- A report out Thursday from The Century Foundation takes aim at the U.S. Department of Education's system for monitoring financially struggling colleges, calling the approach "well-intentioned but ineffective."
- The left-leaning think tank contends that the composite score used to gauge institutions' financial health does not provide an accurate read and that corrective action tools, such as letters of credit and cash management, often aren't implemented early enough to be effective.
- Among its recommendations are that the department contract with financial advisory firms for holistic reviews, use a college's enrollment trends as a health indicator, and require struggling schools to put up more collateral sooner.
The financial responsibility standards are a "little-known provision of the law that has a lot of potential power," said Yan Cao, a fellow at The Century Foundation and a co-author of the report, in an interview with Education Dive.
"There's pretty broad alignment now in noticing that the financial composite score isn't accurately equipping the department with a diagnosis of schools that are about to financially collapse," she said.
Higher education experts discussing the successive shuttering of three for-profit college systems starting in late 2018 put some of the blame on the current warning system, which they said tends to sound the alarm too late and can be manipulated by colleges.
For instance, one measure that helps form the composite score allows schools to count debt amounts equal to their property, plant and equipment (PPE) value toward their liquidity calculation. The Century Foundation, warning this could encourage struggling schools to take on more debt, suggests narrowing the measure to just days of cash on hand. The authors also recommend the department track changes in enrollment as well as finances, calling the former "the most important indicator of an institution's financial health."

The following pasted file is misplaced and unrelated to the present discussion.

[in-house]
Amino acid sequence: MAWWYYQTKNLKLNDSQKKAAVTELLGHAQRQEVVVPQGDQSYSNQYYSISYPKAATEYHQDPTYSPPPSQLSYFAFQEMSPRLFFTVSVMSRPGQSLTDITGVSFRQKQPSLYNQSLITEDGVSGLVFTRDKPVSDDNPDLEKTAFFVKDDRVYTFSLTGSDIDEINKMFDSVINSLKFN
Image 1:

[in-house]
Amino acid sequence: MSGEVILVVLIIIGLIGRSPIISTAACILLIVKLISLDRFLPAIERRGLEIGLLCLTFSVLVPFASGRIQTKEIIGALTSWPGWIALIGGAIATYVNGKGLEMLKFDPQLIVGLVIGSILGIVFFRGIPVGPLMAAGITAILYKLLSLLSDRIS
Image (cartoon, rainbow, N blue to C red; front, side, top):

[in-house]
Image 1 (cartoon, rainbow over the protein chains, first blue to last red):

A 2017 report from the Government Accountability Office found that the composite score flagged only half of school closures since the 2010-11 academic year. The office said the score does not reflect key changes in accounting practices and new financial metrics that would give a broader sense of a school's financial health, and that institutions can use debt to change their scores.
Some of this is poised to change through new financial responsibility regulations released last month by the Ed Department.
The new rules, for example, require schools to show that long-term debt included in its composite score relates to PPE, which could make the figure less vulnerable to manipulation. The agency also said the composite score should be updated through future rulemaking.
However, the new rules scale back the scenarios in which an institution would be deemed financially unviable. Instead, the department wrote, it is focusing on colleges "whose post-trigger financial condition actually warrants financial protection" instead of automatically requiring measures such as letters of credit even at the risk of worsening an institution's financial position.
Legislators, meanwhile, are pushing for more scrutiny of struggling institutions.
A bipartisan bill introduced earlier this month in the U.S. House of Representatives would require accreditors to demand a teach-out plan or agreement if a college falls short of certain financial standards, including failing to reach the required composite score.
And at the state level, Massachusetts' House recently approved a bill that would penalize colleges for failing to meet certain financial transparency standards. The state, along with others in the New England region, is home to several colleges to close in recent years.